Access Fund, Friends Of Joshua Tree Correct Climbing Violations In Joshua Tree National Park
There are bad apples in every barrel, whether you're talking about hikers, mountain bikers, climbers, or any recreational group. Fortunately, there also are groups such as the Access Fund and Friends of Joshua Tree that rise up to counter the bad apples.
Earlier this year some climbers who head to Joshua Tree National Park regularly discovered some vandalism at an area of Queen Mountain known as "the Underground Chasm." They found approach steps gouged into the rock, some climbing routes appeared to have been "enhanced and overly bolted," and there were "hundreds of illegally placed bolts, fixed rope, burnt Joshua trees, (and) stashed camping and climbing gear," an Access Fund release noted.
While park officials could have moved to close the area to climbers, instead they reached out to the Access Fund and Friends of Joshua Tree to help right things at the Underground Chasm.
"In June, representatives from the Access Fund and Friends of Joshua Tree toured the Underground Chasm with park staff, then met with the Joshua Tree superintendent to discuss how to respond. The discussion ranged from doing nothing, to removing all the illegally placed bolts and banning all climbing (and bouldering) within Joshua Tree Wilderness," the Access Fund release said. "Given the number of violations, clear connection to climbers, and budget challenges, removing all of the bolts and banning climbing in the area was an option that the park seriously considered."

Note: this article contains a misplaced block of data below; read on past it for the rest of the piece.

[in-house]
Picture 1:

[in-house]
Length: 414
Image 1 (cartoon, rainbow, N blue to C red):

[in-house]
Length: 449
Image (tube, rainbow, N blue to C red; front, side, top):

However, after discussing the matter the decision was made to the decision was made to: "1) Use the incident to educate climbers about proper wilderness ethics; 2) Evaluate the illegally established routes under the park’s permit application protocol; and, 3) Only remove those routes that would not have been granted a permit."
"Thankfully, the illegal acts at the Underground Chasm will not (at least for now) affect climbing access. However, if such blatant violations continue, the park will have to consider policy changes that could significantly reduce climbers’ access," Access Fund officials said.